Garden Map 2011

I have finally planned out my garden for this year. It’ll be the second garden in this house, and we are enlarging the small little space that housed some tomatoes, cucumbers, herbs, and peppers last year.Not only are we expanding our garden but we are also making it into raised plots. Hopefully this means that MR will not go into the garden and eat my cherry tomatoes all the time!!

Who me?

Companion gardening is something I am aiming for, as it is in line with the idea of building an ecosystem. The whole garden is much more efficient, and the output greater when the plants work together.

Why?

Because there seems to be something very intrinsic in the “properties of a given system (physical, biological, chemical, social, economic, mental, linguistic, etc.) such that they cannot be determined or explained by its component parts alone. Instead, the system as a whole determines in an important way how the parts behave.” This is known as Holism.

This view is realized in systems ecology – an interdisciplinary field of ecology, which uses holistic approaches to study of ecological systems. More specifically, in 1964, Eugene Odum, an ecosystem ecologist and environmentalist, defined systems ecology as dealing with the structure and function of levels of organization beyond the individual and species (source).

A “holistic community describes a community/system where the species within the community are interdependent on each other for keeping balance and stability of the system. These communities are oftentimes described as working like a superorganism, meaning that every species plays an important part in the overall well being of the ecosystem which the community resides; much like the organelles within a cell, or even the cells making up one organism.”

Looking back at the gardens as a community/system, one can see that the whole system would be more prosperous and healthier as a whole than simply as individual plants working independently.  Companion gardening definitely looks at finding ideal matches of plants to assist each other in producing/sequestering nutrients, water, etc, and to aid in shading/lighting requirements as well.

This is something I’m getting more into!

Much of what I have learned over the many years of gardening, and my ecology research is that good soil is the most important foundation for everything in the garden. Without that, good luck trying to grow a successful garden. If you start with the highest quality soil (manure!!) than you will provide the nutrients necessary for the plants to grow strong and this is actually was sets the foundation for a healthy and vibrant garden ecosystem.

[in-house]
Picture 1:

Now, I’ve typically bought my plants, instead of seeding. I haven’t had much luck with seeds, and without much room indoors where I can put trays of seeds, I am limiting my indoor crops to a few. I am trying watermelon seeds planted indoors and then transplanted, and carrots, spinach, and kale seeded directly outside in a few weeks when it it is recommended as the prime time to plant (source). I got all these organic seeds from Urban Harvest.

This is what the watermelon will look like!

I also already bought some basil and parsley plants which I will transplant in a few weeks as well. It’ my excuse to have fresh herbs to use in my cooking until its time, after all I need to make sure that they are grazed upon so they grow beautifully once outside! 😉

So…the big reveal of my gardening plan is….
This will be the most that I’ve ever planted, and some of the plants I’ve never attempted to grow – brussel sprouts (a relatively new favourite of mine!), horseradish….yum, squash, potatoes, kale, and watermelon. I’ve also never had marigolds in my garden, I hope that they prove to be the special companion plant as described in so many of the resources and articles that I read.

In addition to these raised beds, I”m going to have mint in a container. Mint spreads like fire and I want to make sure I keep it contained.

The bf also had his say in terms of the plants we selected, and he asked for some strawberries. These will be in another garden plot. It will be a companion for the blueberry plant we planted last year.

And, lastly, in an indoor pot I am going to grow edible flowers!! I can’t wait to have salads with pretty flowers as garnishes!

My edible mix will be made up of…(click on each for the source of the pictures…)

Calendula

Borage

Cilantro

Cornflower

Sunflower

 
 

To say that I’m excited for the gardening season to begin would be an understatement! I am almost wondering if we might be able to drastically reduce if not eliminate our need for grocery shopping…we’ll see…

I want to hear all about your gardening plans…

~ kaia ~


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